28 May 2010

Alpine, lepidoptera and Marfa Lights

This post would be "Alpine day 1 part 2" if we went in a linear posting pattern... Instead I went for a more descriptive title.

The above scenery surrounds the edges of Alpine; high, dry, rocky land and very hardy plants dotting the ground.

True to the title, we now present a squashed Variegated Fritillary (Euptoieta claudia) - Matt's truck was never one for bug catching until the front end was raised a bit to level out both ends. Now it's almost as good as my Jeep!

I kid you not; that one peek shows (from top to bottom) includes a White-lined Sphinx moth (Hyles lineata), an American Lady (Vanessa virginiensis), a Common/White Checkered Skipper (Pyrgus communis/albescen) and some parts of a Red Admiral (Vanessa atalanta). Not pictured is a Little Wood-Satyr (Megisto cymela) that was a bit to the right of that cluster.

After being thoroughly impressed with the bugs "collected" between McLennan and Brewster County (all of whom were eaten overnight, for what it's worth), we drove to Marfa to see their courthouse. It's quite an impressive structure for such a desolate county. Afterward we went to see the absolutely endearing Marfa Lights.

The observation area is a nice little raised deck with a wind break (thank goodness; I was wearing 2 layers of long sleeves, a wind breaker, mittens and the warmest hat I had! We arrived just after sun down, so there was still a nice evening glow... one light was there when we got there. I'd scanned past it, thinking it was a ranch light with an orange glow. Only after noticing that it was slooowly sinking behind a ridge did I realize that it was one of the lights! We saw up to four at once; a small red one that blinked in and out next to an orange one, the semi-stationary orange one, and two white ones that wobbled a bit but stayed mostly on a horizontal path. Very cool! If only the radio tower out there were gone...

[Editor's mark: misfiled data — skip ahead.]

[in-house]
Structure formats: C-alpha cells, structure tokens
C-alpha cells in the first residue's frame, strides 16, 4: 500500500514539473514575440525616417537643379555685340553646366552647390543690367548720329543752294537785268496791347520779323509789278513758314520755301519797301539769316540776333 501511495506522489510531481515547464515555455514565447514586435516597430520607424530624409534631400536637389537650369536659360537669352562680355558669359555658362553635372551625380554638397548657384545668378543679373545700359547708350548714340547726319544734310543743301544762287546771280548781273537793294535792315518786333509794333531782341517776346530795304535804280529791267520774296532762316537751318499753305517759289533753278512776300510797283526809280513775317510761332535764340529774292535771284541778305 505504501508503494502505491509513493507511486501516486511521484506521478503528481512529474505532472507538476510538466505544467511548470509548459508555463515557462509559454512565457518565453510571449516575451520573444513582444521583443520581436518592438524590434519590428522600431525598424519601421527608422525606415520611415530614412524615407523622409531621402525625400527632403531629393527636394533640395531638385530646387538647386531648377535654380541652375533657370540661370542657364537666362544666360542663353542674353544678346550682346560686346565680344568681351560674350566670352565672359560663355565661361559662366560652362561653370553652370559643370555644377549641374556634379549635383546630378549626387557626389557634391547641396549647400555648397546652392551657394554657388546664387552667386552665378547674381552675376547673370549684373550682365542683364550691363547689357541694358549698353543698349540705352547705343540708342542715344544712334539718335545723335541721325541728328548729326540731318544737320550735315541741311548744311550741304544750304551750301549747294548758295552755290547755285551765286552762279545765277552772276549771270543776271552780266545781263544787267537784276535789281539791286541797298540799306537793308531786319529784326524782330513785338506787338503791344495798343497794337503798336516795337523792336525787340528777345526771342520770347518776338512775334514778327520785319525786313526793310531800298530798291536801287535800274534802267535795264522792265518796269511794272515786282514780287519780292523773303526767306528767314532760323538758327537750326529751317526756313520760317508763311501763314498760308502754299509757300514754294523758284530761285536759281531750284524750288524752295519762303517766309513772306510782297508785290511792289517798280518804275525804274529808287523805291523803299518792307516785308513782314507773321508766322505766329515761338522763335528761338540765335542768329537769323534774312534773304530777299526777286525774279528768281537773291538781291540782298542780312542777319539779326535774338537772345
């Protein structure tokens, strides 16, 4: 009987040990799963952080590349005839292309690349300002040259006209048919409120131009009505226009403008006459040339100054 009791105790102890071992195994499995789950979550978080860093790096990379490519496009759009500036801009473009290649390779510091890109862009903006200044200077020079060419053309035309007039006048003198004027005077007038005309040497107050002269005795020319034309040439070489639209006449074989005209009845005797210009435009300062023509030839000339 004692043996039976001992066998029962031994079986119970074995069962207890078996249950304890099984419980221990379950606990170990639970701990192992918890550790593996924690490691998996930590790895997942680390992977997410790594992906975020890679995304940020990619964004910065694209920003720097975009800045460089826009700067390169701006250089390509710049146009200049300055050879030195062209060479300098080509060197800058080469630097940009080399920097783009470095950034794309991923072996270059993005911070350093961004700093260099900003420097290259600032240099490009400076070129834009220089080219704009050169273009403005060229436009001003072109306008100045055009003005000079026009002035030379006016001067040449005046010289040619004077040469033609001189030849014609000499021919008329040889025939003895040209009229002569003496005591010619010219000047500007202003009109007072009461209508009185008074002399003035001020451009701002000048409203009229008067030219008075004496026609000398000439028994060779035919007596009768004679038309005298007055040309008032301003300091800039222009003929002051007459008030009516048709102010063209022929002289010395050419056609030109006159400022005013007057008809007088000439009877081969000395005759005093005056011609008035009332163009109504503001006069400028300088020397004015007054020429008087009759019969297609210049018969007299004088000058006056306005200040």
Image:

Here's the wiki page for the Marfa Lights. Critics apparently claim that the lights are attributable to vehicular traffic; the road was darn busy when we were there and the lights didn't behave as the Anson Lights (you flash a light three times and eventually you see a light - there are a few contradictions about those as well). Disclaimer: I've not seen the Anson lights but have friends who have seen them. The earliest report of the Marfa Lights was apparently in the late 1800s and assumed to be Apache fires (so said the historical marker), but apparently they're also assumed to be the restless spirits of gold seekers. Good thing Disney doesn't have a hand in it, or it'd be a Tinkerbell pilgrimage.

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